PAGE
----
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Is WHOIS going to go away?

On April 19, 2018 at 22:43 johnl at iecc.com (John Levine) wrote:
 > In article <23257.12824.250276.763926 at gargle.gargle.HOWL> you write:
 > >So you think restricting WHOIS access will protect dissidents from
 > >abusive governments?
 > >
 > >Of all the rationalizations that one seems particularly weak.
 > Oh, you're missing the point.  This is a meme that's been floating
 > around in academia for a decade: the brave dissident who somehow has
 > managed to find web hosting, e-mail, broadband, and mobile phone
 > service but for whom nothing stands between her and certain death but
 > the proxy whois on her vanity domain.
 > If someone makes this argument you can be 100% sure he's parroting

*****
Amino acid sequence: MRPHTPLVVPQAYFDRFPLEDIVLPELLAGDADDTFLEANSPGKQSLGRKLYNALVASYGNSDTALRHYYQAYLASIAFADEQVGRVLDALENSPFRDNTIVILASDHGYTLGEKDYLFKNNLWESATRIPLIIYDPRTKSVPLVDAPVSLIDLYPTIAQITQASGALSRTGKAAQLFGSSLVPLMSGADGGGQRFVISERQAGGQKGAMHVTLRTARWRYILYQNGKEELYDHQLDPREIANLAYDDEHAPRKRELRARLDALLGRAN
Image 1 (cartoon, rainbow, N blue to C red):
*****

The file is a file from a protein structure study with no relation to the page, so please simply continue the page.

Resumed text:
> something he heard somewhere and has no idea how the Internet actually
 > works.


I'm more sympathetic to for example abused women who I can see have
little wherewithal to figure out every way to hide their (new) contact
information. Unlike political dissidents they didn't volunteer for
their situation.

Nonetheless I don't think crippling the entire WHOIS system for
everyone for cases such as this is a reasonable approach.

As they say hard cases make bad law.

Educate people, maybe in particular domestic abuse lawyers and
counselors, about better alternatives such as clicking the little
privacy option box on their registrar's domain registration
form. There, that wasn't very hard, but it's only a tiny part of their
problem anyhow, unfortunately.

Maybe we need to get back to the GDPR which is actually driving this
WHOIS discussion.

For example:

  Facebook to exclude 1.5 billion users from GDPR privacy protections




 > R's,
 > John

        -Barry Shein

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